Year of the Garden 2022 Logo

During the First and Second World Wars, patriotic citizens across the country planted vegetable gardens in private yards and public spaces to support the war effort. Gardens were intended to reduce the public’s reliance on the Canadian food supply, thereby freeing up more food for frontline troops. The popularity of war gardens grew during the Second World War, and they became formally known as Victory Gardens. The movement peeked in 1944, with an estimated 209,200 Victory Gardens producing 57,000 tons of vegetables. Although this movement provided additional food for families, it was not large enough to have a major effect on the war. War gardens provided a sense of unity and patriotism to Canadians who were eager to support the war effort.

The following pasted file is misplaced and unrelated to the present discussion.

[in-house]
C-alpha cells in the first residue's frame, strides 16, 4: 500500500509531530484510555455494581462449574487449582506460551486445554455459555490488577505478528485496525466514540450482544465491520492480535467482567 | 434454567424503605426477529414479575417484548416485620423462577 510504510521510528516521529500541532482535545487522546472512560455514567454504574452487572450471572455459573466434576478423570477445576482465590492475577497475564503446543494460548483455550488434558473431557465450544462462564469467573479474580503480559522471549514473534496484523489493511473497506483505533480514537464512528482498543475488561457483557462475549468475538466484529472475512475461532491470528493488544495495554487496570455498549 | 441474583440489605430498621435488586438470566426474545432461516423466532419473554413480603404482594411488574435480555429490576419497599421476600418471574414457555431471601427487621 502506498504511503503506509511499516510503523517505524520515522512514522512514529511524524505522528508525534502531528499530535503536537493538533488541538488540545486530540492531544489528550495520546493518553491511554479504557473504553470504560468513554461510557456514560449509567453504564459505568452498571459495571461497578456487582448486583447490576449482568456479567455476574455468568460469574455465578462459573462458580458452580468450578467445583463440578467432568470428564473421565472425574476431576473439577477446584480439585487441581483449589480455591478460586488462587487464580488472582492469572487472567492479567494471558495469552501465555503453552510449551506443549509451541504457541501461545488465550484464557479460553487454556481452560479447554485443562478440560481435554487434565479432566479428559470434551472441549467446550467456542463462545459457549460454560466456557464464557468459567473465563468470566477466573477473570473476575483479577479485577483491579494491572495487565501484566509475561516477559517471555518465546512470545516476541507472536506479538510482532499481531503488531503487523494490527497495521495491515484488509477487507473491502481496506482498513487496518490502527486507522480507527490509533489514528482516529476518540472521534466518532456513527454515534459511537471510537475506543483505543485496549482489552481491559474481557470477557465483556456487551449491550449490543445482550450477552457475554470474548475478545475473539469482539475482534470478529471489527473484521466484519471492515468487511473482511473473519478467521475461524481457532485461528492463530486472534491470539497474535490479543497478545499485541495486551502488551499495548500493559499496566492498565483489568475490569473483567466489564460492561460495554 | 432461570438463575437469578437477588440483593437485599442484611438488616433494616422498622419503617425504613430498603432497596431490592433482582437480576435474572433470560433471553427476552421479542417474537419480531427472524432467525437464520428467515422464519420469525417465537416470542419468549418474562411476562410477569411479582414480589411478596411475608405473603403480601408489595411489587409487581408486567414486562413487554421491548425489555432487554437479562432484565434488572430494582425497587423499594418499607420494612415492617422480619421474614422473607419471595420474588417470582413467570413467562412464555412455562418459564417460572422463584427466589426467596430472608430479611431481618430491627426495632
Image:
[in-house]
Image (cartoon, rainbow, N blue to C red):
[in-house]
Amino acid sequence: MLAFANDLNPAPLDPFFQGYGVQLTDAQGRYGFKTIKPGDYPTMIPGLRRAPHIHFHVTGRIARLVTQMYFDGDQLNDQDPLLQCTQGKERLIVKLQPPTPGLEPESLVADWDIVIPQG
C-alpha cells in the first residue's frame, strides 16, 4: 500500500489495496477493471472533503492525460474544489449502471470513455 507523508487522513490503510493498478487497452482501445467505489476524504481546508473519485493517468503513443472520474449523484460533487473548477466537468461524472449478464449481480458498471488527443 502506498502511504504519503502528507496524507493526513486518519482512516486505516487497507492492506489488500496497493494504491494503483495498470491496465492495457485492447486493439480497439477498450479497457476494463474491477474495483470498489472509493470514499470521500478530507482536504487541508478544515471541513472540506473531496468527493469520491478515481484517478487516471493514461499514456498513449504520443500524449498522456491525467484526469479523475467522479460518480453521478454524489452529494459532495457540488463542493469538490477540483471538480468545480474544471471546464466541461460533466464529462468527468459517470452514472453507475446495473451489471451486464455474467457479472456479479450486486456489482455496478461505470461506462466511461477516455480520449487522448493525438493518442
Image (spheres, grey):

The Perry sisters photographed tending to their cousin’s garden during the Second World War. Both sisters worked at the nearby Dominion Arsenals Ltd

2022-06-14T12:55:34-04:00May 3, 2022|
Go to Top